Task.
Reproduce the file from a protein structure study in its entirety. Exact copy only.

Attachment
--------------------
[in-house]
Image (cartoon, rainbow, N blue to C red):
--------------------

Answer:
[in-house]
Image (cartoon, rainbow, N blue to C red):